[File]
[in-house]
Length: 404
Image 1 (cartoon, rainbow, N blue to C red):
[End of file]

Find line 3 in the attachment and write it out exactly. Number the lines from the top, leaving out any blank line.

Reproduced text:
Image 1 (cartoon, rainbow, N blue to C red):